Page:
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Published on Jan 10, 2011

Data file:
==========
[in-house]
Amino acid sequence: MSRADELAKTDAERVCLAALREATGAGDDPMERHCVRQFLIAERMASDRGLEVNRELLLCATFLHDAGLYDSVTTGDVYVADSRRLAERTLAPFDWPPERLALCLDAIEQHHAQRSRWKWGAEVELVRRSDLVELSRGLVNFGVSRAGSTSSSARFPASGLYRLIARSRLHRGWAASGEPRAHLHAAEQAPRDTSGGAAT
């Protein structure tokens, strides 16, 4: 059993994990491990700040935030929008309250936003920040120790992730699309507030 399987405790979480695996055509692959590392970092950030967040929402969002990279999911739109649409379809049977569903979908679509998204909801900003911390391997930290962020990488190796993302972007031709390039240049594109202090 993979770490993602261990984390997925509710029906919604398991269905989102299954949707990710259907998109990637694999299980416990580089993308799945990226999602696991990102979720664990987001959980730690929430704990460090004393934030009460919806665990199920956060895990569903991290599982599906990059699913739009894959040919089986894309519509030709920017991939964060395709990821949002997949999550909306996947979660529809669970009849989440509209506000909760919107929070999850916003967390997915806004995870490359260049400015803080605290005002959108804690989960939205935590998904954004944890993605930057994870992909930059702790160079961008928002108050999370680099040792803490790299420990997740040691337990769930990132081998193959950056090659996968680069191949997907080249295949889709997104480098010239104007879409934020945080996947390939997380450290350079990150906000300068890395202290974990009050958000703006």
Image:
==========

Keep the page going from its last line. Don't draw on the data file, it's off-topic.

A droplet of silicon oil is released above the surface of a silicon oil bath that is vertically shaken. When the acceleration of the plate is sufficient, the droplet is able to bounce on the plate without touching it. Indeed, a thin air layer is always squeezed between the bouncer and the bath. The size of the droplet is 0.94 mm (diameter). The bath is oscillated 20 times per second while the amplitude is gradually increased. The video shows what happens to the droplet for 3 accelerations, namely 0.4, 0.9 and 1.3 times the gravity g . The sustained bouncing below 1 g is allowed by the deformation of the droplet, which behaves has a classical bouncing ball. At low acceleration (0.4 g ), the droplet bounces in phase with the bath and hits the bath once per period. When the acceleration is increased (0.9 g ), the droplet experiences period doubling, i.e. a small jump is followed by a large jump that is followed by a small jump and so on. Finally, at large acceleration (1.3 g ), the droplet chaotically bounces. The deformations are such large that small droplets are ejected out of the bouncing droplet.